Neighbors in the News



credit: Gary Leonard Each and every year, the Los Angeles City Commission on the Status of Women asks each Councilmember to recognize one “Pioneer Woman” from her/his district -- an honor that is meant to illuminate and celebrate women who have made amazing contributions to their community and city.

Roz Wyman, this year's 5th Council District Pioneer Woman, could not be more deserving. Roz was born in Los Angeles in October, 1930, and went to college at USC, and, while she was at USC, she announced her candidacy for the Los Angeles City Council, 5th District -- and was elected before she had even graduated!  This made her the youngest person and second woman ever to sit on the City Council, as well as the first Jewish Council member in 53 years. 

During her three terms, she was always much respected as a top-notch and diligent Councilmember, but Roz is best known for her crucial role in bringing the Dodgers here from Brooklyn.  While this year is a tough one for the Dodgers and Dodger fans, there is no doubt that bringing the Dodgers to Los Angeles in 1958 has brought pride and joy to millions of Angelenos while adding immense status and global prestige to the city, placing Los Angeles in the select pantheon of cities with Major League teams.  It is also true, but less well known, that Roz was instrumental in getting the Lakers to move here from Minnesota.

After leaving office, she has remained immensely active in public, political and humanitarian affairs.  Roz served as chair of the 1984 Democratic National Convention -- the first woman from either major political party to wield a gavel at a presidential nominating convention.  She has served on the UNESCO Commission and National Endowment of the Arts as well as many other local and national boards and charities, and is an active leader of the Los Angeles Jewish community.  Sadly, her beloved husband, Eugene Wyman, passed away unexpectedly in 1973.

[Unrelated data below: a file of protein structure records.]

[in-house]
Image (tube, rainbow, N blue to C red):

In accepting her honor, Roz Wyman was delighted to sit once more in a Council chair (Paul Koretz's!), and was roundly applauded as many people came to see and hear her on her return to City Hall. She spoke with feisty eloquence about how important it is for women to be welcome participants in government.  Certainly, she was a trailblazer in that regard, and she still is a relentless champion for greater opportunities for women in politics.  Los Angeles is a far better place because of Roz Wyman, and so congratulations to her for being recognized as a 2011 Pioneer Woman!

Posted at 3:47 PM

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